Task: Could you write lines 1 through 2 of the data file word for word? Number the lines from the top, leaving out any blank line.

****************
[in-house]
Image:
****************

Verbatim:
[in-house]
Image: